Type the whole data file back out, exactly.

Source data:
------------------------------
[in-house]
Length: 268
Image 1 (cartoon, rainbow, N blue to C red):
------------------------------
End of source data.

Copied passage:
[in-house]
Length: 268
Image 1 (cartoon, rainbow, N blue to C red):